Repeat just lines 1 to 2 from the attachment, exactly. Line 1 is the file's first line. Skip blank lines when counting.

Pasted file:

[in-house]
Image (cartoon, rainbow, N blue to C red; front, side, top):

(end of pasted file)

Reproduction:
[in-house]
Image (cartoon, rainbow, N blue to C red; front, side, top):